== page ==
Elect county school board

Published 9:37 am Saturday, June 4, 2011

Election season is almost upon us.

Campaigns are beginning in earnest, and newly announced candidates seem to be falling from the sky. Soon to follow will be television ads, radio ads and, hopefully, lots and lots of newspaper ads.

This year, the voters of Virginia will elect an entire General Assembly, with its 100 seats in the House of Delegates and 40 in the state Senate up for grabs.

At home in Southampton County, the electorate will have even more work to do. In addition to choosing a new Board of Supervisors (or the old board of supervisors), we will elect a new sheriff, commonwealth’s attorney, commissioner of revenue and treasurer.

Localities within the county will be choosing town clerks, councils and mayors. There will be ballot initiatives and maybe even a constitutional amendment or two. For the political junkie, it will be like a trip to the candy store with a $20 bill and an empty stomach.

For fans of a democratic society, there will be something on the ballot to please just about everybody — except those of us who would like to have an elected school board.

In Southampton County, our school board is chosen for us, and that places us among a fairly select group. Of the 134 school districts in Virginia, Southampton County is one of only 24 whose school board is appointed, not elected.

In most cases where the board is appointed — 21 to be precise — the localities’ elected governing bodies — boards of supervisors or city councils — make the selections.

Which leaves three school districts in all of Virginia, Southampton County included, where the school board is appointed by another board of appointees, in our case a three-member panel of county residents who are appointed by a circuit court judge. The circuit court judge, by the way, is also an appointed position.

So what’s my point? Well to be sure, it is not to say that the selection panel has done a poor job of making its appointments to the school board. There are many members of the school board who have given years of dedicated service to the county school system and the education of our children.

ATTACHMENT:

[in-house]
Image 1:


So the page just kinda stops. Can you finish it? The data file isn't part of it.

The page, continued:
And it is certainly not to suggest that the judges who made the appointments to the selection committee have done a poor job. As far as I can tell, the selection committee has sincerely made the best attempt at selecting qualified board members.

My point is that there is no accountability to the taxpayer in this process. In the next fiscal year, more than $10 million of taxpayer money, representing nearly 20 percent of the county’s total budget, will be spent on county schools, and the taxpayers will have no real voice on how it is spent.

Of course, we have the right to attend school board meetings and voice our opinion. But if the appointed school board chooses not to act upon our wishes, we have no recourse available to us.

We can’t vote the school board out of office. We can’t vote the selection committee out of office. And we can’t vote the circuit court judge out of office. So where does that leave us?

We can petition the Board of Supervisors, but its members merely decide how much county money is allocated to the schools. Again, no accountability to the taxpayers in how the money set aside for schools is spent.

To be clear, I’m not suggesting that anyone on the school board is holding a position they shouldn’t be in. And I’m not implying that the board is doing a poor job in choosing how to spend taxpayer dollars.

I’m simply suggesting that the taxpayers should have a voice in how the school board spends that money, along with the other $15 million or so in state and federal funding in the roughly $25 million county school budget.

We would never stand for an appointed Board of Supervisors that had no accountability to taxpayers at the polls. We should have a school board that is accountable to voters as well.

TONY CLARK is the general manager and advertising director at The Tidewater News. He can be reached at tony.clark@tidewaternews.com.